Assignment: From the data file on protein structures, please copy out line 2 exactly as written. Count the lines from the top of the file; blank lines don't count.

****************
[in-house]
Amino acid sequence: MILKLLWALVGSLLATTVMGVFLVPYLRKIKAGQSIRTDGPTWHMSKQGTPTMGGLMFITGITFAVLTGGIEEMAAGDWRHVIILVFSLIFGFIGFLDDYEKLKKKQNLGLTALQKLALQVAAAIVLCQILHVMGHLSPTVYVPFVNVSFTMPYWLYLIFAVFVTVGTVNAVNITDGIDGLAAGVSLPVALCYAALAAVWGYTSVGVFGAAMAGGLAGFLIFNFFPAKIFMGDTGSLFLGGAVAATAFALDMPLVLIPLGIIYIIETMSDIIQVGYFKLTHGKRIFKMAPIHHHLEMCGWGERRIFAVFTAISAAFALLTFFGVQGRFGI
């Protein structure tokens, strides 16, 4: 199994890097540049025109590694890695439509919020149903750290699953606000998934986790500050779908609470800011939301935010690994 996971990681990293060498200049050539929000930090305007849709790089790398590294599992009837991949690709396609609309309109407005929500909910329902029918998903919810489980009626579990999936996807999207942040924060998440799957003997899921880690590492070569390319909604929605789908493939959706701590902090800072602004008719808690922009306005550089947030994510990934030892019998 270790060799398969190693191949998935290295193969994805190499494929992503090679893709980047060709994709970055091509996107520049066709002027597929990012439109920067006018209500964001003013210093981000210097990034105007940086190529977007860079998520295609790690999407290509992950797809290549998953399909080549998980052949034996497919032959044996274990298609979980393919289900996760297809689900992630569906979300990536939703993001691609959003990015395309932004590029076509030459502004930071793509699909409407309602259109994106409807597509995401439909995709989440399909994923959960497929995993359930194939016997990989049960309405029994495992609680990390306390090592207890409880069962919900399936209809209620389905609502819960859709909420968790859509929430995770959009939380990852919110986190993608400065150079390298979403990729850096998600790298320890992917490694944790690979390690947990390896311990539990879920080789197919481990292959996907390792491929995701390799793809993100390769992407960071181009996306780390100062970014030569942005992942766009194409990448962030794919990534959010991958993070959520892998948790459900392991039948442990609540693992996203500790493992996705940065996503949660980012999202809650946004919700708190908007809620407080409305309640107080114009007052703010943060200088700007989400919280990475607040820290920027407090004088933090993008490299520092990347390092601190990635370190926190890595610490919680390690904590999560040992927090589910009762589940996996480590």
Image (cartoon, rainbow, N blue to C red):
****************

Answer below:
Amino acid sequence: MILKLLWALVGSLLATTVMGVFLVPYLRKIKAGQSIRTDGPTWHMSKQGTPTMGGLMFITGITFAVLTGGIEEMAAGDWRHVIILVFSLIFGFIGFLDDYEKLKKKQNLGLTALQKLALQVAAAIVLCQILHVMGHLSPTVYVPFVNVSFTMPYWLYLIFAVFVTVGTVNAVNITDGIDGLAAGVSLPVALCYAALAAVWGYTSVGVFGAAMAGGLAGFLIFNFFPAKIFMGDTGSLFLGGAVAATAFALDMPLVLIPLGIIYIIETMSDIIQVGYFKLTHGKRIFKMAPIHHHLEMCGWGERRIFAVFTAISAAFALLTFFGVQGRFGI